Central bank says growth stagnating

Central bank says growth stagnating

First-half economic growth may stagnate or decline from last year's fourth quarter on the slowdown in domestic economic activity, says a senior Bank of Thailand (BoT) official.

Spokeswoman Roong Mallikamas said most recent indicators have shown a decline in the domestic market. But financial institutions, especially commercial banks whose liquidity is still good, given their high capital reserve provide a strong buffer cushioning the impact of slowing domestic consumption and stalling private investment.  

The economy has begun to show marginal growth since the fourth quarter at 0.6% quarter-on-quarter and year-on-year after political tensions flared late last October, subsequently denting domestic consumption, tourism growth and private investors' confidence.

Most economists and think tanks have cut their growth projections. The Bank of Thailand lowered its annual projection from 4.8% to 2.7%. On top of that, central bank governor Prasarn Trairatvorakul recently warned the country could slip into a recession in the first two quarters.

Although a business sentiment index survey showed improvement in exports on the back of improved global demand, it is not enough to compensate for the drop  in others areas of the economy, said Mrs Roong.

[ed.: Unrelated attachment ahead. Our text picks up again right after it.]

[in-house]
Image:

"However, gradual global economic recovery could help drive economic growth to a certain degree as domestic concerns still remain," she said.

An absence of a functioning government beyond the second half and delays in next year’s fiscal budget disbursement further than the first quarter of 2015 could hit investors' confidence and increase downside risks, she said.

Mrs Roong said consumers' confidence is expected to rebound in the third quarter if a functional government is installed in the middle of this year.

Although inflation has edged up minimally with headline inflation rising to 2.11% year-on-year in March, the central bank said it is not a major concern since the main cause of the hike is higher energy prices leading to a rise in the price of processed food.

Swelling household debt, increasing to 82.3% at the end of 2013 from 77.3% at the end of 2012, is considered a normal situation amid the current economic slowdown causing a dip in consumers' income, said Mrs Roong.

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